On February 28, 2016, U.S. EPA publicly announced its priority enforcement areas (EPA National Enforcement Initiatives or NEIs) for the next three years (fiscal years 2017-2019). The announcement provides keen insight into how EPA plans to allocate its enforcement resources in the coming years.
EPA describes the NEIs in the following manner:
"Every three years, EPA selects National Enforcement Initiatives to focus resources on national environmental problems where there is significant non-compliance with laws, and where federal enforcement efforts can make a difference"
EPA has elected to keep five of its current enforcement initiatives, expanding some of its efforts, as well as add two new initiatives. This brings the total priorities to seven for fiscal years 2017-2019. The NEIs take effect on October 1, 2016.
A brief summary of each NEI is provided below.
- Reducing Air Pollution form the Largest Sources- EPA’s New Source Review (NSR) initiative has targeted cement, glass and acid plants. However, its principal target has been coal fired power plants. According to U.S. EPA statistics, from FY 2010 to FY 2015, of the 800 facilities inspected, EPA has increased the number of facilities with enhanced air pollution controls from 41% to 77%. By maintaining this enforcement priority, EPA will likely focus on compliance with existing decrees as well as target new industries.
- Cutting Hazardous Air Pollutants – EPA is expanding this initiative for the FY 2017-2019 to focus its efforts on two additional source categories-
- Large product storage tanks used by refineries,chemical plants and bulk storage facilities- EPA will likely used enhanced inspection techniques, such as infrared cameras to looks for leaks of volatile organic compounds (VOCs) from these storage units;
- Hazardous waste generator and treatment, storage, and disposal facilities- the focus of this expanded initiative will be to address hazardous waste tanks, surface impoundments, or containers, as well as related hazardous waste treatment equipment.
- Ensuring Energy Extraction Activities Comply with Environmental Laws
The attached chart shows the dramatic increase in the number of inspections and enforcement actions related to energy extraction.
EPA has increased the number of inspections from 361 in FY 2011 to between 600 to 700 per year. Interestingly, the number of enforcement actions has not significantly increased when comparing FY 2011 to subsequent years.
It is also interesting that EPA maintained this initiative despite the recent dramatic economic downturn in the energy sector.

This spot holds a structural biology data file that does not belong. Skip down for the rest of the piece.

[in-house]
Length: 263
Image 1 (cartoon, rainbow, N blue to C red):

- Reducing Pollution from Mineral Processing Operations- Focus is on releases from mining operations that EPA believes threaten drinking water, surface water as well as cleanup mining sites.
- Reducing Risks of Accidental Releases at Industrial and Chemical Facilities (NEW)- The focus of this new initiative will be compliance with Risk Management Plan (RMP) rule. RMPs are required for facilities that store extremely hazardous materials. RMP is required under Section 112(r) of the Clean Air Act. Facilities are required to have plans that inventory the materials and have a plan to implement in the event of releases or emergencies. Plans are required to be updated every five years. It is likely EPA will look for facilities that have failed to comply with the RMP rule or those facilities with outdated plans.
- Keeping Raw Sewage and Contaminated Stormwater Out of Our Nation’s Water- EPA has largely addressed municipal wastewater treatment plants (WWTPs) with combined sewer overflows (CSOs) and/or sanitary sewer overflows (SSOs). This initiative was renewed most likely to focus on compliance with existing consent decrees. In many cases, cities are facing the most expensive parts of their compliance schedules.
- Preventing Animal Waste from Contaminating Surface and Ground Water- EPA has been focused on inspections and enforcement of Combined Animal Feeding Operations (CAFOs) for a number of years. Since 2011 it has conducted over 1,800 inspections and concluded 217 enforcement actions under the Clean Water Act.
- Keeping Industrial Pollutants Out of the Nation’s Waters (NEW)- EPA will be focusing on certain industries that it believes contribute a larger portion of nutrient and metal pollution. Those industries include chemical and metal manufacturing, mining and food processing. On its web-page, EPA signals that it will look to compliance with NPDES permits and electronic reporting of effluent violations (eDMRs) to initiate actions.